Scalable Trust of Next Generation Management (STRONGMAN)

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Mechanisms such as IPsec allow cryptographically secured communication among nodes and network elements on the IP Internet. Furthermore, the role of firewalls as access control and policy enforcement points in such an infrastructure becomes even more profound. Building a secure next generation information infrastructure demands automated management of keys and policy, for reasons of both risk management (in the small) and automatic configuration of boundary controllers (as the information infrastructure is scaled to an environment with many millions of nodes).

By automated management, we mean the translation of a high-level security policy into actions which support that policy at every relevant level of the information infrastructure. Thus, security policy must be reflected in decisions about trust of sources of information, for example in the acceptance of a remote invocation. Our belief is that the investigation of scalable automated trust management will lead to a huge leap forward in the ability of an organization to deploy an auditable error-free realization of network infrastructure meeting security policy goals.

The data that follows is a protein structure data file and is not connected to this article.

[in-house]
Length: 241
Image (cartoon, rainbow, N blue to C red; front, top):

The basis of our approach is the KeyNote trust management system being investigated at the University of Pennsylvania and AT&T Labs -- Research. KeyNote is a compact simplified representation of trust relationships based on the ideas of the AT&T PolicyMaker system; trust relationships are specified in terms of a symbolic language which when executed results in exchanges of cryptographic credentials which map the trust relationships into allowed and disallowed actions. In the proposed effort, KeyNote will be integrated with IPsec and a firewall package to allow automatic configuration of groups of IP routers under control of a specified security policy. The novelty of this approach is that a high-level security policy can be expressed in a ``meta-KeyNote'' which generates KeyNote expressions (perhaps millions on a large information infrastructure) which are in turn mapped to specific secure exchanges to control actions at, among other locations, boundary controllers.




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